How to halt the spread of the Delta variant?
The Delta variant of the coronavirus is causing a spike in infection rates in several countries. In Europe, Britain, Russia and Portugal are the hardest hit so far. But even in countries with a low incidence, the proportion of those infected with the variant is steadily rising, and vaccinated people are reportedly becoming infected with it as well. Commentators discuss what measures should be taken and ask whether politicians and the population are taking the threat seriously enough.
Recklessly heading for a fourth wave
Visão accuses Portugal's government of a reckless entry policy:
“Contrary to what the vast majority of European countries are doing, Portugal is not exercising any special vigilance when visitors arrive in the country or Portuguese citizens return from abroad. It is putting its trust in their declarations and letting people travel to their destinations without any further checks. This 'relaxed' attitude and, in some cases, reverence for one of our main sources of income - tourism - is making the fight against the virus fragile and damaging our image abroad. At the end of the day, it will also hurt tourism. ... These are misguided, short-sighted guidelines, and they expose a political leadership lacking criteria of its own and acting according to third parties' interests.”
Use panic to drive vaccination
Estonia is particularly concerned about the high infection figures in neighbouring Russia. This concern should be used to bring the flattened vaccination rate back up, suggests Eesti Päevaleht:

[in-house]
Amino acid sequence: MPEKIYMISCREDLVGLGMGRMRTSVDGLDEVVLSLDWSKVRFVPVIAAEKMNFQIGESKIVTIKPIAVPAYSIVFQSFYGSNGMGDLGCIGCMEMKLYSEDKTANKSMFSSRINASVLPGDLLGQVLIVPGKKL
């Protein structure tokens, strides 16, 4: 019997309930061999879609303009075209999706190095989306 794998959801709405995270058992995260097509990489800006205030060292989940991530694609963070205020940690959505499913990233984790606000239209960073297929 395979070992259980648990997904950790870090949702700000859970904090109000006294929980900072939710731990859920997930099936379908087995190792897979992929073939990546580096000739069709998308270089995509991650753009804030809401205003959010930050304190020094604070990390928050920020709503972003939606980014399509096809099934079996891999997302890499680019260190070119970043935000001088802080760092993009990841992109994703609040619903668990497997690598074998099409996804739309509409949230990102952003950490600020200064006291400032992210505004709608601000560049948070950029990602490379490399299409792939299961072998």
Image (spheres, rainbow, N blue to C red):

“If you look at the data from the last month, it is clear that in Russia the number of deaths has also risen remarkably again, unlike in Portugal and the UK. The difference is that these two countries are much further along with vaccination than Russia. ... Instead of just watching the third wave in Russia, we should use it to get our faltering vaccination programme back on track. Now that even the nihilism of the Russians is giving way, the time has come to start a proper vaccination campaign in Estonia as well.”
A huge behavioural experiment
In Israel 57 percent of the population is already fully vaccinated. How the Delta variant spreads there will once again show what could happen elsewhere, writes Meir Ouziel, columnist for the Israeli newspaper Maariv, in a guest commentary in La Repubblica:
“We are confronted with a huge behavioural experiment. If Israel has been the world's laboratory for measuring the effectiveness of the vaccination campaign, it may now become the laboratory for studying another question: How do people who thought they were safe because they were vaccinated behave when the possibility arises that the virus could overcome their vaccine protection? I think the behavioural scientists will find that the 'back to life' atmosphere is so intoxicating that no one is willing to go back into seclusion right now.”
Type of vaccine plays key role
Statistics show that the type of vaccine is probably also playing a role in the spread of the Delta variant, warns Népszava:
“In countries where many people have been vaccinated with a less effective vaccine [such as Sinopharm], the more dangerous and deadly new variant is spreading relatively quickly. In such a case, what would a responsible government that treats human life as a priority do? It would try to correct the earlier mistake and after using a less effective vaccine start vaccinating with an mRNA vaccine - this is happening right now in the United Arab Emirates and Bahrain, and according to some press information also in Serbia.”